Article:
Telecoms firm to become UK player with network push

Chief executive Ricky Nicol said the expansion takes Commsworld 'from a predominantly Scottish-centric provider to a UK provider'. Picture: Ian Georgeson.
Chief executive Ricky Nicol said the expansion takes Commsworld 'from a predominantly Scottish-centric provider to a UK provider'. Picture: Ian Georgeson.
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Edinburgh firm expanding after netting its largest investment since starting out in 1994.

An Edinburgh-based telecoms group has secured its largest ever investment, inking deals with two infrastructure builders to operate the biggest privately owned fibre network of its kind in the UK.

Commsworld, which also has offices in Glasgow and Aberdeen and more than 100 staff, has pushed the button on plans to build its own national optical core network that will be able to reach “effectively unlimited” speeds, and backed by exclusive access to long-distance fibre networks from CityFibre and Zayo.

It also said the expansion takes it from mainly Scottish-centric to UK provider.

The business will almost triple the size of its existing dark fibre estate – to 2,000 kilometres from 750km – connecting to more than 20 of the UK’s major cities, including Manchester, Birmingham, Leeds and London.

As well as significantly upgrading Commsworld’s existing core capacity, the new network will enable it to offer more than 250,000 businesses top connection speeds, and deliver “transformative” public sector network services after netting major council contracts in Edinburgh, Glasgow and the Borders, for example.

The 12-year and ten-year contracts with CityFibre and Zayo respectively let Commsworld to offer its low-latency network connectivity and cloud services across the the UK.

Ricky Nicol, chief executive of Commsworld, said: “I can’t overstate how exciting this step forward is for us. This network expansion takes us from a predominantly Scottish-centric provider to a UK provider, another milestone for us in the long-term strategy to take the business to that UK level.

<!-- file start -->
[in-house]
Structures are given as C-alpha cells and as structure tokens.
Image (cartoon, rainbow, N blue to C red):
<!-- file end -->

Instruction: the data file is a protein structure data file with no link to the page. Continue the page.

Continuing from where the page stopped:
“Previously, outside of Scotland, we’ve used fibre networks owned and managed by others, but this development means we have full control – and the bandwidth available is only determined by the equipment we use on the end of the fibre. While we’ve been able to comfortably provide fast speeds and a high level of service, this expansion of our network opens up so many more possibilities to us to transform the amount of business we will do south of the Border.”

The Dense Wave Division Multiplexing network Commsworld will build to light the fibre will be capable of four terabits per second on day one, but is “effectively unlimited” as faster optical transmission equipment becomes available.

In addition to the new 2,058-kilometre national figure-of-eight ring Commsworld will control across the UK, it will be bringing ten of CityFibre’s gigabit cities fully on-net.

This means a further 830 kilometres of CityFibre’s metro networks will be accessible over the new infrastructure – allowing it to deliver a cost-effective service to cities including Sheffield, Bristol, Leeds and Milton Keynes.

CityFibre said it first worked in partnership with Commsworld to anchor its 150km network in Edinburgh and is “proud to support the next exciting phase of their growth”. The contract with Zayo includes the option to use its subsea links to the US and mainland Europe.